Visit Bath and the surrounding villages and stay in bed & breakfast accommodation:
Bath, Somerset, is the county's largest town and the most celebrated of English spas. The Roman city, called Aquae Sulis, grew up around the baths establishment, one of the foremost of its kind in the western empire. Its remains form an impressive monument to Roman Britain. The main pool is below the modern street level and open to the sky. Its lead floor and some of the paving around are original. Parts of the hypocaust remain in another section and a Roman outflow pipe is still in use. Judicious reconstruction gives a good idea of how it all looked in Roman days, and a museum displays finds from the site and elsewhere in the district.
The Roman baths were only rediscovered in 1879. They fell into ruins or were destroyed at some date between the departure of the legions and the capture of the place by the West Saxons in 577. The latter gave the city its present name, but knowledge of the Roman baths seems to have been lost during the medieval period and they were built over. In about 800 a monastery was founded; Edgar, of the house of Wessex, was crowned King of all England in its church in 973.
The Norman abbey on this site was replaced by the present structure, begun in 1499. Restoration work in about 1603 made good the damage suffered at the Dissolution. Further restoration in 1860-83 included the stone vaulting of the nave. The original vaulting of the choir is notable and the church has the fine large windows characteristic of Perpendicular building.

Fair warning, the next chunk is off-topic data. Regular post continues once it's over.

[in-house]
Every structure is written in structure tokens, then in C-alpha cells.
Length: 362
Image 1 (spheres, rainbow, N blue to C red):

The mineral waters have continued in use for much of the city's history; Bath is still a centre for the treatment of rheumatic diseases. Conditions in medieval, Tudor and Stuart times were squalid, but this changed in the 18th centuries when Bath became a resort for fashionable society, presided over by Beau Nash. (The Information Bureau near the abbey supplies, among other things, a list of the famous people associated with Bath, and the places where they lived.) The work of providing a suitably elegant environment began, notably under the patronage of Ralph Allen who owned the quarries at Combe Down, whence came the warm-toned Bath stone for the new schemes. John Wood the Elder designed Queen Square (1728) and the Circus (begun in 1754) as architectural entities. He also built Prior Park on a hill overlooking the city for his patron in 1735. This Palladian house, now a Roman Catholic school, is opened to the public at times. John Wood the Younger was responsible for Royal Crescent, an open design of 30 houses in a sweeping semi-ellipse facing a sloping lawn. The next great improver was William Pulteney. Robert Adams designed the Florentine and shop-lined Pulteney Bridge (c. 1777) for him, and Thomas Baldwin built the Guildhall (1775), with its fine banqueting hall, and the colonnaded Bath Street. Baldwin was also responsible for PuDency Street (1785), held by some to be the loveliest street in Europe. The Pump Room, near the Abbey, rebuilt in 1795, is still a favoured meeting place where the waters can still be taken; a visit here can be combined with a tour of the Roman baths.